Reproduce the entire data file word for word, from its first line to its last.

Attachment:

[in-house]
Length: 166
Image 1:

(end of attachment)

[in-house]
Length: 166
Image 1: